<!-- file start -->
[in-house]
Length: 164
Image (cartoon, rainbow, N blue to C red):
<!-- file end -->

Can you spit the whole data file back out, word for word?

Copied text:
[in-house]
Length: 164
Image (cartoon, rainbow, N blue to C red):